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Oz The Great And Powerful 3D (PG)

Rachel Winterbottom finds this prequel more than a pair of ruby slippers short of the 1939 classic

Written by . Published on March 11th 2013.

Oz The Great And Powerful 3D (PG)

THE 1939 adaptation of L Frank Baum’s classic The Wizard of Oz was all about Judy Garland’s Dorothy and her journey down the yellow brick road. But enough about the gingham-wearing one, what about the great man himself? Director Sam Raimi pulls back the curtain for this prequel and reveals the wizard’s womanising past.

Oscar ‘Oz’ Diggs (James Franco, Howl, 127 Hours) is a cheap circus magician with dreams of becoming a great man and no desire to settle for any of the many women he’s been stringing along. When a hurricane takes him from the drab black and white Kansas to the technicolour glory of the land of Oz, he seizes his chance.

You’ll find no deep ruminations here – this is a kid’s film, after all – and Franco’s Oz takes his inexplicable namesake in his stride. His performance is, as always, slightly mesmerising, which is perfect for the duplicitous would-be wizard.

The naïve, wide-eyed witch Theodora the Good (Mila Kunis, Ted, Black Swan) falls for his charms immediately, mistaking him for the prophesized wizard who will save all the people of Oz from the wicked witch and be their king. Her sister, Evanora (Rachel Weisz, Dream House), is less sure, and sets him the task of killing the wicked witch Glinda (Michelle Williams, My Week with Marilyn) to prove his worth.  

Along with his flying monkey companion (voiced by Zack Braff), Oz sets off down the yellow brick road with every intention of becoming a great man, whether he saves Oz or not.

The original Spiderman/The Evil Dead director Raimi is well used to telling the story of the underdog and he brings his credentials to this (sort of) prequel. His Oz is very reminiscent of the 1939 film but with the dark surrealism of Alice’s Wonderland. It’s the 3D that truly allows Raimi’s vision of Oz to come into its own and his signature playful touch appears in full force.

Oz The Great And Powerful

Raimi’s 3D Oz comes alive with glittering rainbows, majestic waterfalls, jewelled foliage, musical flowers, a (literal) china town and a forest populated by fantastical, lamp-eyed creatures that stalk your every step. Even the hurricane that whisks the magician away from the real world is a sumptuous 3D masterpiece.

There are deviations from the MGM classic. Musical numbers are blessedly absent (for the most part) and as such the Munchkins are side-lined in favour of bland locals. For copyright reasons, there are also no iconic ruby slippers (they were silver in Baum’s book anyway). However, so little else is changed that you’ll wonder if Raimi’s reboot is strictly necessary.

Oz The Great And Powerful

There are some lazy flaws. It’s no surprise when the real wicked witch is revealed (and it’s inexplicable why she’d hide who she was in the first place). The comedy is gentle and infrequent. The tone shifts uncertainly between light-hearted (bordering on cartoonish) and dark (a living doll’s entire family is crushed). Motives are few and far between and characters are thinly sketched.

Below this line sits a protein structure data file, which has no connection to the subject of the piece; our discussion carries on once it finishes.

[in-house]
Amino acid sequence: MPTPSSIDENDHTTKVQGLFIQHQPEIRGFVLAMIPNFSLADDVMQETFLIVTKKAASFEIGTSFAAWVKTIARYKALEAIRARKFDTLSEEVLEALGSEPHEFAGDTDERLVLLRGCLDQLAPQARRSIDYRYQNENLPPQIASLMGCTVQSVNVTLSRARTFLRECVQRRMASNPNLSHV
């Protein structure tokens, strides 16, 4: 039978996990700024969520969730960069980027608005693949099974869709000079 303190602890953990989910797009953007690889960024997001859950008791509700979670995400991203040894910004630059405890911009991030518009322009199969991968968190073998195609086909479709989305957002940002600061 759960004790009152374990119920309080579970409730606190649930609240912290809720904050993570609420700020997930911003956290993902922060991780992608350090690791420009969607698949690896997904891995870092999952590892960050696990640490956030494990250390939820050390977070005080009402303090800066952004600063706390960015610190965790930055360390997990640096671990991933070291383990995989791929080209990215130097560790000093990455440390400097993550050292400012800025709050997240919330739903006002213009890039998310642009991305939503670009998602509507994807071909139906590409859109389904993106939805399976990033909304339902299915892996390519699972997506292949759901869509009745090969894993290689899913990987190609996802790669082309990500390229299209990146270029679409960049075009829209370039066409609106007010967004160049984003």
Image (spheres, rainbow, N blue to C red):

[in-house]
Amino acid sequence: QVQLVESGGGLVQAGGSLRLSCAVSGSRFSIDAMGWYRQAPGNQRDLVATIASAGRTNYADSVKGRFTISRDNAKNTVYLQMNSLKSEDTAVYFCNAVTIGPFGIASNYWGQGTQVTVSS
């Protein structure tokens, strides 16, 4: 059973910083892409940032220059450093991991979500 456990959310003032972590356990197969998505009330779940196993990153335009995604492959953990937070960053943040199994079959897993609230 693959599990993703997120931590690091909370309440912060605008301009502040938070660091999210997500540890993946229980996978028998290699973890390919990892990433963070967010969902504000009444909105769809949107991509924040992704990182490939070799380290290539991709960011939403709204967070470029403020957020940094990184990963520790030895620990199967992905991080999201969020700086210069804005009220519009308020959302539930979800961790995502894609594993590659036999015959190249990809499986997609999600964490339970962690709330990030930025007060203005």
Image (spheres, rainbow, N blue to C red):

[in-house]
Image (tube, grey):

You would expect more from such an incredible female cast. Weisz is beautiful and cold as the clichéd Evanora, Williams is barely challenged as Glinda, who only gets vaguely interesting in the final ten minutes, and Kunis only really shines as Theodora when she goes from insipid to jilted – a delightful transition.

Oz The Great And Powerful

The main standout performance is from Franco as Oz. He brings his peculiar mix of sleaze and laidback charm to the role of the selfish philanderer on the yellow brick road to redemption.

You’ll find no deep ruminations here – this is a kid’s film, after all – and Franco’s Oz takes his inexplicable namesake in his stride. His performance is, as always, slightly mesmerising, which is perfect for the duplicitous would-be wizard.

A morality tale at heart, Raimi’s child-friendly take on how the wizard became so wonderful is light entertainment that, while fun, is unlikely to blaze any cinematic trails like its 1939 counterpart.


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AnonymousMarch 13th 2013.

Don't Watch it!!!

2 Responses: Reply To This...
AnonymousMarch 13th 2013.

Story-line is not so good!

AnonymousMarch 13th 2013.

Yes! true!

Bob the BritMarch 14th 2013.

"The main standout performance is from Franco as Oz"?
I found Francio's performance to be superficial, and 'by the numbers'.
I wish Disney had held out for an actor that couple bring some real pizazz to the role - Robert Downey Jr. or (dare I say it?) Johnny Depp.

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